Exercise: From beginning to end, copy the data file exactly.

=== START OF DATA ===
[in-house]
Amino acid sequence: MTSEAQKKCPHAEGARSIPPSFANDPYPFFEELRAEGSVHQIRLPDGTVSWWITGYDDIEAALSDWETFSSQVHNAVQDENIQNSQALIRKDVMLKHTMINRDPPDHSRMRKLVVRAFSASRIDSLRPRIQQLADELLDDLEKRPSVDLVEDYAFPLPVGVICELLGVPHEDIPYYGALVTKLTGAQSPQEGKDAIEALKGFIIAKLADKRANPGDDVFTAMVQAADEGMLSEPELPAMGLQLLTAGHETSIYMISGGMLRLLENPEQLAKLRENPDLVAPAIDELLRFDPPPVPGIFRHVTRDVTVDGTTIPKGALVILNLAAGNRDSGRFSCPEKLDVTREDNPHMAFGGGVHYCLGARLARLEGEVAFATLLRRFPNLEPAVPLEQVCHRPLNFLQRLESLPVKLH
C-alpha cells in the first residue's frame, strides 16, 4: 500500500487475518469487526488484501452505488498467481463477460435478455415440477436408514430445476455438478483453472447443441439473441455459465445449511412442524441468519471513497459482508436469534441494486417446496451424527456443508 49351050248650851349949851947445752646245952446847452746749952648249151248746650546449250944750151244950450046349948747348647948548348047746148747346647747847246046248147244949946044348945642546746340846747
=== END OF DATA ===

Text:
[in-house]
Amino acid sequence: MTSEAQKKCPHAEGARSIPPSFANDPYPFFEELRAEGSVHQIRLPDGTVSWWITGYDDIEAALSDWETFSSQVHNAVQDENIQNSQALIRKDVMLKHTMINRDPPDHSRMRKLVVRAFSASRIDSLRPRIQQLADELLDDLEKRPSVDLVEDYAFPLPVGVICELLGVPHEDIPYYGALVTKLTGAQSPQEGKDAIEALKGFIIAKLADKRANPGDDVFTAMVQAADEGMLSEPELPAMGLQLLTAGHETSIYMISGGMLRLLENPEQLAKLRENPDLVAPAIDELLRFDPPPVPGIFRHVTRDVTVDGTTIPKGALVILNLAAGNRDSGRFSCPEKLDVTREDNPHMAFGGGVHYCLGARLARLEGEVAFATLLRRFPNLEPAVPLEQVCHRPLNFLQRLESLPVKLH
C-alpha cells in the first residue's frame, strides 16, 4: 500500500487475518469487526488484501452505488498467481463477460435478455415440477436408514430445476455438478483453472447443441439473441455459465445449511412442524441468519471513497459482508436469534441494486417446496451424527456443508 49351050248650851349949851947445752646245952446847452746749952648249151248746650546449250944750151244950450046349948747348647948548348047746148747346647747847246046248147244949946044348945642546746340846747